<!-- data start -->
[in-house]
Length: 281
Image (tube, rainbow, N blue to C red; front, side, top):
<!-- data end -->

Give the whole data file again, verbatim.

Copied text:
[in-house]
Length: 281
Image (tube, rainbow, N blue to C red; front, side, top):